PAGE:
Why we demand raises and roses
"What the woman who labors wants is the right to live, not simply exist — the right to life as the rich woman has the right to life, and the sun and music and art. You have nothing that the humblest worker has not a right to have also. The worker must have bread, but she must have roses, too.”
- Rose Schneiderman
In 1912, thousands of workers went on strike in protest the exploitative working conditions in the textile mills of Lawrence, Massachusetts. At the time, the city of Lawrence was home to a large immigrant population: 74,000 of the city’s 84,000 inhabitants were either first or second-generation immigrants, with Southeast Europeans—particularly Italians—representing 1/3 of Lawrence’s immigrant population. The workforce in Lawrence’s textile mills was considerable, with between 30,000 and 35,000 workers toiling in the mills. Over half of these workers were women or children. The age threshold for working in the mills was 14 years old, though it was often the case that children under 14 worked in the textile mills. Working conditions were very exploitative. In January of 1912, a new 54-hour/week state law went into effect for workers in Massachusetts, cutting the hours worked in an attempt to slightly reduce the level of exploitation experienced by workers. But with the reduced hours, the textile manufacturers of Lawrence also cut worker wages.
Outraged at the wage cut, thousands of textile workers struck against the wage cut and for improved working conditions. This strike took place in the context of wave of strikes by garment and textile workers—largely immigrant, and disproportionately women—in the early 1900s. The Industrial Workers of the World, a militant labor union, led the strikers in Lawrence in what came to be known as the “Bread and Roses” strike, a phrase often credited to Rose Schneiderman, a socialist and feminist, and long-time labor union leader.
Like other activists in the union movement, as activists in UAW 2865, the union for student workers at the University of California, we take our inspiration from the Bread and Roses Strike of 1912 in naming this blog “Raises and Roses.” What does this phrase, Raises and Roses, mean to us?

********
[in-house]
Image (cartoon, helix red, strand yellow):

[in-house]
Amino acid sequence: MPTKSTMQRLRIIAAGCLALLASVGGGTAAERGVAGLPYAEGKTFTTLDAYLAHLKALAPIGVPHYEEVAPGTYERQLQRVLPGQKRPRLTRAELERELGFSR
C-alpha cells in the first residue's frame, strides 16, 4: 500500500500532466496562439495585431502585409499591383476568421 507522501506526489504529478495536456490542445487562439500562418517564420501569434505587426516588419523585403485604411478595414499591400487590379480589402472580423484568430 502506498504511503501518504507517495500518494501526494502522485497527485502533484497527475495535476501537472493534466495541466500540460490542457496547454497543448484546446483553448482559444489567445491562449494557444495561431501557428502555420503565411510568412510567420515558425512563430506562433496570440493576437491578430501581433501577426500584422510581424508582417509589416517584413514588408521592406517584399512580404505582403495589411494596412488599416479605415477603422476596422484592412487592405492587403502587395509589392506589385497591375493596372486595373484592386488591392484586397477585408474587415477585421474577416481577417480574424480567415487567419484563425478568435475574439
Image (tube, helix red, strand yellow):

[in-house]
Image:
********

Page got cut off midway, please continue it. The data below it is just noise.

Our union, UAW 2865, is currently engaged in negotiating our union contract with UC management. We have developed a set of bargaining demands that includes very important economic demands (including a much-needed wage increase), but we also have other demands that we consider as important as our basic economic demands. These other demands include, for instance, an expanded childcare subsidy and affordable health coverage for the children of student-workers. They include a demand that the UC reduce class size, something that not only affects us as workers but also the quality of education of undergraduate students. We are demanding that the UC provide the same professional and academic opportunities for undocumented graduate and undergraduate students as those that exist for documented students. We are calling for improved mental health accommodations. We are demanding more gender-neutral bathrooms across the UC system so that LGBT, trans* and gender-nonconforming students can fulfill this basic health need without facing harassment or violence when trying to use the restroom.
In other words, as activists within UAW 2865 and Academic Workers for a Democratic Union (a reform caucus within the union), we believe that all of these demands are important. We recognize that the textile workers in Lawrence, Massachusetts experienced a class-based exploitation greatly exacerbated by the discrimination they faced as immigrants and as women. We recognize, in other words, that class is deeply shaped by immigration status, gender, race, ethnicity, ability, and other factors.
So we demand living wage. But we also demand that we be respected and treated with dignity. We demand raises, and we demand roses too.